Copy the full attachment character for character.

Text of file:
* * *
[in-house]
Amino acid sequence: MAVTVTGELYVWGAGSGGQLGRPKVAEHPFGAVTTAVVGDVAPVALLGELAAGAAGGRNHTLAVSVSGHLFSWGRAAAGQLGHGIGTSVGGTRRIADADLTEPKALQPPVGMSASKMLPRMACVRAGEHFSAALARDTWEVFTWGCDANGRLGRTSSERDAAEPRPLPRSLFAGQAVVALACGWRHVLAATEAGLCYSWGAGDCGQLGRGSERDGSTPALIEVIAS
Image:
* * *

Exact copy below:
[in-house]
Amino acid sequence: MAVTVTGELYVWGAGSGGQLGRPKVAEHPFGAVTTAVVGDVAPVALLGELAAGAAGGRNHTLAVSVSGHLFSWGRAAAGQLGHGIGTSVGGTRRIADADLTEPKALQPPVGMSASKMLPRMACVRAGEHFSAALARDTWEVFTWGCDANGRLGRTSSERDAAEPRPLPRSLFAGQAVVALACGWRHVLAATEAGLCYSWGAGDCGQLGRGSERDGSTPALIEVIAS
Image: